By Ron Hayes
No, it’s not breast cancer.
In fact, heart disease is the leading cause of death among American women, according to the Harvard Medical School.
Women are 10 times more likely to die of heart disease than breast cancer.
Women have a 50 percent greater chance of dying during heart surgery than men.
While men usually experience crushing chest pain during a heart attack, women describe indigestion, nausea, difficulty breathing or fatigue — symptoms easily misdiagnosed.
And more than 40 percent of American women do not survive their first heart attack.
Marg Williams knows this very well. She’s one of the fortunate 60 percent who did survive, and now the Ocean Ridge business owner and craftswoman wants to use her talent to help save others across America.
At her jewelry and clothing boutique, MARG of Pepper Pike, at 811 George Bush Blvd. in Delray Beach, Williams sells an assortment of blouses and shoes, leather goods and jewelry. But she has one necklace of pearlized glass and gold-filled tubing that fuels her dreams.
“I want to string this particular piece across America for women’s heart health,” she says.
Not literally. Her goal is to sell enough of the 17-inch necklaces to create a symbolic chain across the continent.
The necklaces, which she makes herself, sell for $68, of which Williams will donate $5 to groups that serve women’s heart health, such as JFK Medical Center or the Cleveland Clinic.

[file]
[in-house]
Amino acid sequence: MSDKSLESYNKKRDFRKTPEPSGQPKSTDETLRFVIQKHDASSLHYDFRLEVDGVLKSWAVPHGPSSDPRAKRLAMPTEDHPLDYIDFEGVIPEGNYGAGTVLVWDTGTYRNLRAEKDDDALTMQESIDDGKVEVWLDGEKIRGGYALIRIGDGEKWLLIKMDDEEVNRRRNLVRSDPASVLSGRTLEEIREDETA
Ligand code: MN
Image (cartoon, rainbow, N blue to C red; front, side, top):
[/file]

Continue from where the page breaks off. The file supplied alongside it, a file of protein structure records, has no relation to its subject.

“I’ve learned that life is precious,” she says, “but I’m not finished living, and I want to do something for others who have heart problems.”
Now 63, Williams was diagnosed with tachycardia at 23. At 47, she had an unsuccessful cardiac ablation in an attempt to correct the irregular heartbeat.
Two years later, she had a silent heart attack and received a pacemaker.
Today, she sees her internist, Dr. Adel Sidky at Bethesda Memorial Hospital, every three weeks and lives with a defibrillator in her chest.
“I have wire leads from the defibrillator on either side of my heart to keep it beating,” she says. “I’m like a robot.”
But she remains both youthful and upbeat, stringing new necklaces at home while watching TV and working with her husband, David, to spread the word about heart health.
“So far, we’ve raised about $400, which we’ll probably donate to the local chapter of the American Heart Association,” reports David Williams.
That’s a long way from a nationwide necklace, but Marg Williams’ heart is in the right place.
“Even if we just make it across Florida, I’d be happy,” Williams says. “I just want to give back because I’ve been lucky. Very lucky.”
For more information, visit www.necklaceacrossamerica.com.